Angela Denise JOHNSON a/k/a Angela Johnson v. STATE of Mississippi.
ON WRIT OF CERTIORARI
¶ 1. A Neshoba County jury convicted Angela Johnson of one count of possession of methamphetamine, one count of possession of precursor chemicals, and one count of false pretense. The Court of Appeals affirmed Johnson's convictions, and this Court granted certiorari to resolve the question of whether admission into evidence of two search warrants and an underlying facts-and-circumstances affidavit which included hearsay statements attributed to a confidential informant constituted reversible error. Because we find error, we reverse the judgments of the trial court and the Court of Appeals and remand the case to the Circuit Court of Neshoba County for a new trial.
FACTS1 AND PROCEDURAL HISTORY
On January 9, 2010, Neshoba County Deputy Sheriff Ralph Sciple received information from a confidential informant that Johnson was in possession of methamphetamine and precursor chemicals in her home in Philadelphia, Mississippi. Officer Sciple was also told that individuals were making false identification cards in order to buy precursor chemicals. Based on this information, two search warrants were issued. One search warrant targeted the methamphetamine and precursor chemicals on the premises, and a second search warrant targeted the computers and equipment used to make forgeries.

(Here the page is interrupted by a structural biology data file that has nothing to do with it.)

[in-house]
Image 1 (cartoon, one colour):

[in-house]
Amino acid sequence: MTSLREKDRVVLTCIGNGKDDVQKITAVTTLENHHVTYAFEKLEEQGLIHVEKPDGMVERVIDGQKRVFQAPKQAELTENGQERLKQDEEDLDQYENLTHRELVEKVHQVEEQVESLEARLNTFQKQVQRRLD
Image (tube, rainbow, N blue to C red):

On January 10, 2010, at 10:40 p.m., the search warrants were executed. The adults present when the search warrant was executed were Johnson, Calvin Johnson, and Kenneth Brian Stevens. They were taken to the living room and given a Miranda warning. Johnson stated that she understood the warning.
Inside of the home, officers found two laptop computers. On one computer, a Dell, the screen was open. The officers observed a picture of a Nebraska driver's license showing an individual who Officer Sciple “knew didn't live in Nebraska.” The picture was of Alicia Wells, a Neshoba County resident. The other computer, a Toshiba, was closed and connected to a charger. Officer Sciple questioned Johnson regarding the computers. She stated the Dell computer was hers, and the Toshiba computer belonged to Stevens. Officer Sciple also found a document on Johnson's computer detailing how to make false identification cards. In addition to the computers, eleven identification cards were found in a purse in the residence. Nine of the identification cards purported to show a photograph of Johnson. One was Johnson's actual driver's license, two of them were fake Nebraska driver's licenses, and the rest were fake Mississippi identification cards or driver's licenses.